Acupuncture has nursed me through the different stages of my C-PTSD recovery. It supported me in achieving a first in my degree in acupuncture and also Western Bio Medicine, the study of pathology and disease.
I have read that acupuncture can help many conditions and ailments, including PTSD. Can you please explain to us how it may help PTSD sufferers?
Western medicine tends to rely heavily on being able to measure and quantify how things work. Various fMRI studies primarily designed to evaluate ‘how acupuncture works’ implicate the major structures of the brain’s limbic and neuroendocrine systems, the exact same two systems indicated in the pathophysiology of PTSD.
So what does this mean? Most PTSD survivors tend to live with a heightened ‘fight or flight’ response (hyper arousal). This response is so automatic, and its main goal is to protect. The problem arrives when this response doesn’t switch itself off even after even decades after the traumatic event/s has passed. To live in constant fight or flight mode is detrimental to our quality of life and health.
Why acupuncture is so effective in the treatment of PTSD? It activates our parasympathetic nervous system which in turn helps deactivate our heightened fight or flight response. Blood pressure, sleep, digestion, hormonal, immune and emotional responses improve, and all those stress hormones which flood the body causing chaos are reduced.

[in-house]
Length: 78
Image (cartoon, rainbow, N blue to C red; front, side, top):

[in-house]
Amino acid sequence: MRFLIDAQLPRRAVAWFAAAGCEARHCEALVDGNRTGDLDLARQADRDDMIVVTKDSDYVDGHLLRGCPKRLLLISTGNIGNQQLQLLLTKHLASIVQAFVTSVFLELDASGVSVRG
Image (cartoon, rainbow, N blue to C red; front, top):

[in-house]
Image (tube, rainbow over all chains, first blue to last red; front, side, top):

If somebody was thinking about trying acupuncture to treat PTSD what can they expect in a typical session and afterwards?
Your initial session will usually begin with your acupuncturist asking a series of 10 questions covering all aspect of your life, looking at your tongue and feeling your pulse. This diagnostic process will help your acupuncturist formulate the best treatment plan for you.
I believe many people worry about having to open up to a stranger about traumatic experiences but acupuncturists are not counsellors. All we need to know is that you have experienced trauma and the age the trauma occurred, to be able to treat you effectively.